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Magdalena Koziol, a former postdoc at Yale University, was the victim of scientific sabotage. Now, she is suing the...
Antiretroviral drugs can protect people from becoming infected by HIV. But so-called pre-exposure prophylaxis, or PrEP...
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To Improve Global Health, Scientists Want Money for Chronic Disease Research
17 November 2009 2:41 pm
The genomics company deCODE genetics Inc. filed for Chapter 11 bankruptcy today, but that doesn't mean it is disappearing. The company will keep going with a loan from an investment firm that has offered to buy its assets.
Founded in 1996, deCODE blazed a new—and controversial—path by collecting genetics data on Iceland's citizens and mining it for disease markers. While the company has published many papers, it has never turned a profit. For the past year it has been restructuring and searching for buyers for some of its components. Now deCODE has filed for Chapter 11 bankruptcy in the United States and has an offer from a company called Saga Investments for its drug programs and for an Iceland-based subsidiary, Islensk Erfdagreining, that runs the company's research and genetic testing services.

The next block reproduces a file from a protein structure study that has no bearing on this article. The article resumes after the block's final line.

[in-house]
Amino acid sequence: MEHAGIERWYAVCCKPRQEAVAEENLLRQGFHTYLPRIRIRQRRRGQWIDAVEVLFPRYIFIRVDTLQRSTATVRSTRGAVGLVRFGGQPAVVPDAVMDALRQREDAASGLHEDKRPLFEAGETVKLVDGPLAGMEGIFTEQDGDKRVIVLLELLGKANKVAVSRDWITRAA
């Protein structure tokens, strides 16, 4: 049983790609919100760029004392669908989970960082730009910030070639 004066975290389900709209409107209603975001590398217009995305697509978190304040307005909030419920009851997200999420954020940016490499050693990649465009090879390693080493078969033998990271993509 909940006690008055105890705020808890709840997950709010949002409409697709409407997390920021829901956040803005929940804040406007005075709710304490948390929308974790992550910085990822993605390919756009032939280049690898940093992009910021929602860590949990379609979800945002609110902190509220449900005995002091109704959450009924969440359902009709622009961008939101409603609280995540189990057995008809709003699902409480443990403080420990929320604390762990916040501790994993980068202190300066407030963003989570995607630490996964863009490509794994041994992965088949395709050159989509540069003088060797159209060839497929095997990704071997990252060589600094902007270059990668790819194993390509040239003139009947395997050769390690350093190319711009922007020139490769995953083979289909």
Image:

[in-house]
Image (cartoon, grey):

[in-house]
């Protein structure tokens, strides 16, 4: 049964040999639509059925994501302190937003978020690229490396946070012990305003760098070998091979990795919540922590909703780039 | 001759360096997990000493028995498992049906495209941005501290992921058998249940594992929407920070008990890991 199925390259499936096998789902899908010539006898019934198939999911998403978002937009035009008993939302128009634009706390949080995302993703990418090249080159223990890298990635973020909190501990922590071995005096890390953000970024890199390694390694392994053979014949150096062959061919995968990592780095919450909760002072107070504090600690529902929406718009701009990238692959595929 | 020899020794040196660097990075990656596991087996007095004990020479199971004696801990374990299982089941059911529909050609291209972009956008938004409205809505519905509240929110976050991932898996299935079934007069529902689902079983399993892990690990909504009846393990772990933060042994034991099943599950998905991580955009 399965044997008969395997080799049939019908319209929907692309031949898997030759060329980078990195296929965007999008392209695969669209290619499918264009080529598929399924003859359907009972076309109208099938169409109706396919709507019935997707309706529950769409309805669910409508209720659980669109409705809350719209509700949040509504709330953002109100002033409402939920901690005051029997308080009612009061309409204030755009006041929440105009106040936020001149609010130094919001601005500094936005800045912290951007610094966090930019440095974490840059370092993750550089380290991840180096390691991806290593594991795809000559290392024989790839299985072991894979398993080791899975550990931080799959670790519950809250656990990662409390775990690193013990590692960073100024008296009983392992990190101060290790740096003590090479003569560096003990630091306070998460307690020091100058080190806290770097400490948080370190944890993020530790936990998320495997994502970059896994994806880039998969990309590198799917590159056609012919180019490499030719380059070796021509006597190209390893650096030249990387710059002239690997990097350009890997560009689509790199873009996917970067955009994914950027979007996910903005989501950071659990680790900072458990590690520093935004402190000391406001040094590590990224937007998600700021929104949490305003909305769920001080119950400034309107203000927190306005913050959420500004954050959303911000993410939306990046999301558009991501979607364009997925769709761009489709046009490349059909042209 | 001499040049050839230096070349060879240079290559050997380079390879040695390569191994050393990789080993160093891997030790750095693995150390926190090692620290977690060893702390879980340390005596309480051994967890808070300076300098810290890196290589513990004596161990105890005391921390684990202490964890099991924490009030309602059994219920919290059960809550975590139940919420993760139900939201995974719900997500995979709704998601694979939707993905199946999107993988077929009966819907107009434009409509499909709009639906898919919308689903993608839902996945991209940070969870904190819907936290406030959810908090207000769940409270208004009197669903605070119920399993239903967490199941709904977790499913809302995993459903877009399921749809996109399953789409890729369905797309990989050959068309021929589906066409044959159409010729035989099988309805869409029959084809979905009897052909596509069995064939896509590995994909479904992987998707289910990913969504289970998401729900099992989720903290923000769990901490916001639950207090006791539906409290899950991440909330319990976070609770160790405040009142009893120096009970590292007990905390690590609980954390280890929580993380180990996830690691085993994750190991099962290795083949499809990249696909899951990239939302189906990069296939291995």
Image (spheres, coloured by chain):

deCODE will continue operations with a loan from Saga during the bankruptcy process—a court has to approve the deal, and other companies can offer bids, a company press release says. According to the Genetic Future blog, deCODE is telling customers that its genotyping service will continue and that the company has enough money for 2 years. But the bankruptcy filing is bad news for investors: "any recovery for stockholders of deCODE would be highly unlikely," the press release says.
A few months ago, rumors were afoot that the Wellcome Trust would pick up the company's biobank, perhaps by supporting a deCODE academic spinoff in Iceland. But a Wellcome official now tells ScienceInsider that no such deal is in the works.
For hypertension, effective and inexpensive drugs exist but they reach few people in low- and middle-income countries, so research will need to focus on new ways to deliver them, says Alliance chair Abdallah Daar, a public health expert at the University of Toronto in Canada. The problem of open fires and primitive stoves for cooking—which WHO estimates cause 1.5 million deaths annually—requires more engineering studies to come up with clean, cheap alternatives. Research on how to curtail tobacco use is often highly country-specific: What works in the United States for instance, may not work in India, where many smoke bidi, hand-rolled, high-nicotine cigarettes that are unregulated.
Money for the studies will come from the institutes' own budgets and could amount to tens of millions of dollars over the next 5 years, Daar says.
One obstacle in this fight is that chronic disorders in developing countries don't command the media attention that infectious diseases do, says NHLBI Deputy Director Susan Shurin. "By their very nature, they are not as dramatic," she says, "and they're very complex. It's a less attractive problem." Inadvertently, yesterday's press conference provided proof of that: ScienceInsider was the only outlet to call in.